Chinese Real Estate Growth Expands Into Smaller Cities Even As Housing Fears Linger

by: Kevin Quon

For the past few years, as the world emerged from one of the greatest recessions it has ever encountered, one of the few notable countries that has experienced ongoing substantial growth has been China. With hundreds of millions of rural Chinese projected to move into cities in the coming decades, new housing demand has been skyrocketing. Yet recent concerns of an economic slowdown in the country have turned eyes once again to the fears of a possible Chinese real estate crash.

For its part, the central government has taken drastic measures to cool down the market. With speculation rampant, housing markets, particularly in the larger cities, have seen overwhelming increases in value. And thus far, the government's efforts appear to be succeeding quite well. Year-over-year property prices have declined in 46 of 70 cities, according to last month's survey as per the Globe and Mail. Yet such a decline in property prices has likewise been more difficult to swallow for public real estate developers and services companies.

For the companies listed on the American exchanges, well known real estate service companies, such as E-House Holdings Limited (NYSE:EJ), Syswin Inc. (NYSE:SYSW), and IFM Investments Limited (NYSE:CTC), have all taken significant blows over the last month, and significantly more so over the past few years. In the last month alone, E-House saw its shares fall from a high of $7.60 to the most recent price of $5.01, a decline of 34%. Syswin fell from $1.85 to the most recent $1.05, a decline of 43%. And IFM Investments fell from a recent $2.03 to $1.25, a decline of 38% in a relatively short time span.

For property developers, the outlook continues to remain cautious, but robust. Smaller developers such as Xinyuan Real Estate (NYSE:XIN), China HGS Real Estate (NASDAQ:HGSH), and China Housing and Land Development (NASDAQ:CHLN) all continue to express confidence in their business models. Most notably, each appears to be concentrating on Tier II, Tier III, and Tier IV cities, when contrasted against the larger markets found in the Tier 1 cities.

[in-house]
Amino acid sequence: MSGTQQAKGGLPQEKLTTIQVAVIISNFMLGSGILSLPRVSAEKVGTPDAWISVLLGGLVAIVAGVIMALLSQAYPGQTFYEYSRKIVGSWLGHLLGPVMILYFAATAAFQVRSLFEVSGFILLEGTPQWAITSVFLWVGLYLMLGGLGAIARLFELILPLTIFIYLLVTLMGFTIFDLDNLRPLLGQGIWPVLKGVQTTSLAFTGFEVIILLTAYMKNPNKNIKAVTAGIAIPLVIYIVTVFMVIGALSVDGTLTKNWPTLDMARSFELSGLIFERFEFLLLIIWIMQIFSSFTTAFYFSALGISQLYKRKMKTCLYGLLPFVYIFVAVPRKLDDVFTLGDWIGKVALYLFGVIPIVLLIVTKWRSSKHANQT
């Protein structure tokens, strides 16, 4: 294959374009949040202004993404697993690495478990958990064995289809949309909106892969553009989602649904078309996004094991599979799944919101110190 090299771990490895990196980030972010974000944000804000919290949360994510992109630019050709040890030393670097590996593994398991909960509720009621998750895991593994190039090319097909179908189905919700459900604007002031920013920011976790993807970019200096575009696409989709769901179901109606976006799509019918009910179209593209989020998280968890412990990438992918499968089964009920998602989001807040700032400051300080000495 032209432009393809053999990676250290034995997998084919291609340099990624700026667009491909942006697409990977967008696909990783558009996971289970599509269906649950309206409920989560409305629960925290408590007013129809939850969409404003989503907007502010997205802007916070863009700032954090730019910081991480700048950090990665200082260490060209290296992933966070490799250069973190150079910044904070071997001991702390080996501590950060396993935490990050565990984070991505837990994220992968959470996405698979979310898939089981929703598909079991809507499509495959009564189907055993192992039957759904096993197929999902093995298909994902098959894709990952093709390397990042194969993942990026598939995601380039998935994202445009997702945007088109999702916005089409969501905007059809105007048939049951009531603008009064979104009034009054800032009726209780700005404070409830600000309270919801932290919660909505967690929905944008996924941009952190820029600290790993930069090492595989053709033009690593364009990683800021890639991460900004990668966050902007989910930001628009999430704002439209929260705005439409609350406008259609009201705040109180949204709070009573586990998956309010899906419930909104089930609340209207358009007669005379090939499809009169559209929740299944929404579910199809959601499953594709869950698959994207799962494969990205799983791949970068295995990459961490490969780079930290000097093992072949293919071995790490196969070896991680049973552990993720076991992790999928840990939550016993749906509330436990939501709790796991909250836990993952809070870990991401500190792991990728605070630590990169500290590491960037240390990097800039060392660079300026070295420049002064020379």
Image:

In its most recent earnings conference call, Xinyuan expressed the following:

"We are pleased to raise our full year financial forecast. This reflects higher levels of contract sales in the current operating environment [inaudible] expected easing of purchase restrictions from the Chinese government this year. Our balance sheet remains very strong, and our quality development project in Tier-II and Tier-III cities will allow us to record continued growth in 2012."

In its latest Form 10-Q, China HGS Real Estate reported the following:

"Since the initiation of our business, we have been focused on expanding our business in certain Tier 3 and Tier 4 cities and counties in China. The restrictive policies started to have significant impact on the real estate market in Tier 3 and Tier 4 cities in late 2011. These policies also negatively affected buyers' confidence and consumption psychology. Some buyers are taking a wait-and-see attitude and may delay their purchasing decision...

Despite the declining transaction volume and cooling real estate market, housing prices in Tier 3 and Tier 4 cities and counties have not shown a substantial correction. For the three months ended December 31, 2011, our average selling price for real estate projects located in YangCounty was approximately $444 per square meters, an increase of 16% from the average selling price of $383 per square meter in fiscal 2011."

As a developer of Tier II and Tier III cities in western China, the majority of China Housing and Land Development's customers are first-time home buyers and first-time upgraders. This is a trend that the company believes will benefit from China's rapid GDP growth. In its latest Form 10-Q filing, the company stated one of its goals concerning its ongoing strategy:

"Expand into Other Tier II and Tier III Cities. We believe our proven business model and expertise can be replicated in other Tier II and Tier III cities, especially in western China. We stepped into Ankang city in July 2011 for a residential project. Furthermore, we have identified certain cities that possess attractive replication dynamics."

Overall, these Chinese property developers have experienced a cautious, and yet optimistic approach to the ongoing market. Expansion appears to be moving further out west to the smaller cities, with more prominent growth and lucrative options available for these companies. Even as the housing market cools down in China, the growth trend continues as one of the largest migrations of people moving from rural towns and into cities continues to unfold in modern times.

Disclosure: I am long XIN.